It’s simply about paying attention to how you’re feeling, how your body is responding and honestly it’ll be a gut feeling of “I’m ready for more”.
So at that point we need to up the ante.
And how can you do that?
Well 3 of the most simple ways to take you to the next level are:
- Up the amount of weight you’re using
- Up the amount of reps and/or sets you’re doing
- Decrease the amount of rest between your reps and sets
You don’t need to (and shouldn’t) use all 3 at once.
We simply pick the one that makes the most sense for that workout or that exercise and go for it.
Here are some examples to help you get a better idea of what I mean.
Up Your Weight
Say you’ve been doing squats with no weight for the past 2 weeks and things are starting to feel easy.
Grab yourself a pair of dumbbells, hold onto a medicine ball, or pick up your toddler (seriously!) and get squatting!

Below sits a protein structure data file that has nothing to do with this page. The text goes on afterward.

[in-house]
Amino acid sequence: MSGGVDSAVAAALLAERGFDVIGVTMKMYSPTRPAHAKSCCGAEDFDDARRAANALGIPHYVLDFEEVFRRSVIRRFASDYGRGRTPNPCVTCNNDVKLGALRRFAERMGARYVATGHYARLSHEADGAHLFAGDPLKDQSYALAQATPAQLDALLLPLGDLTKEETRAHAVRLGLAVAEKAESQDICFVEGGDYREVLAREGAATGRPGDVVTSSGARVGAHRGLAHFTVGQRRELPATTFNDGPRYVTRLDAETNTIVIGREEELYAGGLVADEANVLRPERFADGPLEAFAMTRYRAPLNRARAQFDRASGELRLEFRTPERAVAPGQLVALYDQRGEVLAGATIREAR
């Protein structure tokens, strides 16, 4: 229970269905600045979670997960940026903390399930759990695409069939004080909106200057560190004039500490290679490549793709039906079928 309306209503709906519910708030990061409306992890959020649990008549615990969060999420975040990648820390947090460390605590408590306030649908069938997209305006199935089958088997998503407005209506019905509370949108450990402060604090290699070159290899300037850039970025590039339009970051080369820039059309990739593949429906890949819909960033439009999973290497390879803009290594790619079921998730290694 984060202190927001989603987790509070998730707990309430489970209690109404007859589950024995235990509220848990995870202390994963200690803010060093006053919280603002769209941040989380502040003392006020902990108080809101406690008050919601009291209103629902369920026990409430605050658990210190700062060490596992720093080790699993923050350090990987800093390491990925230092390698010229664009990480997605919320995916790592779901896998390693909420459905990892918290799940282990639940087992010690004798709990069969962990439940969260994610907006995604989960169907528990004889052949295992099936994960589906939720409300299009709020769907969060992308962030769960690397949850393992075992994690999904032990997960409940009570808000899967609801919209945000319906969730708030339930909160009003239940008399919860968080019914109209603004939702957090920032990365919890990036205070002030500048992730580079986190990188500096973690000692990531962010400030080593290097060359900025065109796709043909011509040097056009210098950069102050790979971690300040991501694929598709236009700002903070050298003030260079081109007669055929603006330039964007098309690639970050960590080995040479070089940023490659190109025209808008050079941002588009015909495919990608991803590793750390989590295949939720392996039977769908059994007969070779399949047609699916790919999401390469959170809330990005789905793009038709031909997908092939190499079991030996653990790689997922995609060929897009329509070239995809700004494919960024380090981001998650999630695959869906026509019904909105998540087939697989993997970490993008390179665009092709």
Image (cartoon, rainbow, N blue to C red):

Or you’ve been doing clamshells and they’re starting to feel like they’re not giving you the booty burn they used to.
You can add a mini band around your knees to up the ante.
Or maybe you’ve been doing rows with a resistance band and the resistance is feeling less challenging.
Well you can hold the band closer to where it’s anchored or grab a heavier weight of band to wake your back up some more.
There are millions of ways to add more weight or resistance to the exercise.
Just remember that we don’t want to go from lifting 5lbs to lifting 50lbs. Start small.
You can always add more weight if you still need a bit more resistance. But begin by just adding a little bit of weight and go from there.
Up Your Reps & Sets
You’ve been doing 10 reps of those lunges for 2 weeks now. Let’s try 12 reps.
Or maybe you’ve been doing 20 bridges and your body is ready for 25.
Another option is to keep doing 8 overhead presses but instead of doing 3 sets or rounds of those presses, you’re now going to do 4 sets. And man does that extra set challenge you!
Adding a couple extra reps or doing one more full set of an exercise is a quick and easy way to keep your body from getting bored.